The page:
2D material underpins world’s thinnest electric generator

October 16, 2014 //By Paul Buckley
2D material underpins world’s thinnest electric generator
Researchers from Columbia Engineering and the Georgia Institute of Technology report have made the first experimental observation of piezoelectricity and the piezotronic effect in an atomically thin material, molybdenum disulfide (MoS2).

The discovery paves the way to the development of the world's thinnest electric generator and mechanosensation devices that are optically transparent, light, bendable and stretchable.

In a paper published online in Nature, research groups from the two institutions demonstrated the mechanical generation of electricity from the two-dimensional MoS2 material. The piezoelectric effect in this material had previously been predicted theoretically.

Piezoelectricity is a well-known effect in which stretching or compressing a material causes it to generate an electrical voltage (or the reverse, in which an applied voltage causes it to expand or contract). But for materials of only a few atomic thicknesses, no experimental observation of piezoelectricity has been made, until now.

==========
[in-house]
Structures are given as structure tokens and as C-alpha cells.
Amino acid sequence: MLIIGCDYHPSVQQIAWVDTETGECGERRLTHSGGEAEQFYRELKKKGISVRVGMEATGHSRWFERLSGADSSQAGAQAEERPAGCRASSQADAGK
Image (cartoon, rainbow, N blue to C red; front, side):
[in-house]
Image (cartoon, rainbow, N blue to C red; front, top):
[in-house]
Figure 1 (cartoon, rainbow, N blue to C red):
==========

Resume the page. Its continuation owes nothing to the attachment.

The observation reported today provides a new property for two-dimensional materials such as molybdenum disulfide, opening the potential for new types of mechanically
controlled electronic devices.

“This material - just a single layer of atoms - could be made as a wearable device, perhaps integrated into clothing, to convert energy from your body movement to
electricity and power wearable sensors or medical devices, or perhaps supply enough energy to charge your cell phone in your pocket,” explained James Hone, professor of mechanical engineering at Columbia and co-leader of the research.

Related articles and links:

www.columbia.edu

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